What’s fed to children in school meals is important not just for their health and development but for climate, biodiversity and equity. Every year millions of children in the United States participate in child-nutrition programs; for many of them, school meals are an essential source of nourishment.
Chicken nuggets, hamburgers and hot dogs remain staples in school lunch menus. At many schools, dairy milk is the only beverage option on menus that are also heavily packed with cheese (even though many people, especially Black, Indigenous and Asian people, are lactose intolerant). At 7 billion school meals served annually, this reliance on meat and dairy comes with a substantial cost to the environment, including greenhouse gas emissions, air and water pollution and habitat loss.
Every child has a right to healthy, sustainable, culturally appropriate meals at school. This means schools need to provide plant-based meal options that can meet students’ medical, religious and ethical needs, and are also better for the planet than the average school meal. Unfortunately very few plant-based entrees are available in our public schools because of the policy and financial barriers schools face.
Many of the 30 million school meals served every day across the United States go to students who rely on them as a primary source of nutrition. Providing better meals is a crucial point of intervention to mitigate racial health disparities, which emerge early in life. Healthy, plant-forward diets can also boost academic performance and address educational inequities, while reducing the risk of type 2 diabetes, cardiovascular disease and protecting against certain forms of cancer and other diseases. Students across the country are asking for plant-based options, which tend to have a lower carbon footprint.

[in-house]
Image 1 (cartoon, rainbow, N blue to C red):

Food-service directors often face many challenges to offering healthy choices that reduce impacts on the environment. To begin to build a better school food structure, we need to remove some of the barriers to structural change. For some schools this may mean incorporating educational opportunities into school curricula that are specific to eating habits — say, nutrition, gardening, and cooking — and working to increase student choice and acceptance of plant-based options through activities like taste tests. But that will also mean greater support for kitchen staff, equipment, and training in the preparation and benefits of plant-based meals.
When it comes to policy solutions, a few first steps are key. To address the fact that many if not most people have some lactose intolerance, we should:
With a broad-based coalition, the Center for Biological Diversity is working to support The Healthy Future Students and Earth Act, introduced by Reps. Velázquez and Jamaal Bowman, both Democrats of New York. This legislation would help school districts meet the increasing demand for plant-based school meals, support a more just, sustainable food system, and significantly lessen the impact of this sector.
This bill is endorsed by more than 100 environmental and social justice organizations. HR 4108 is a first-of-its-kind effort that will provide much-needed financial support, culinary training, and other assistance to school districts to meet the growing demand for plant-based options.
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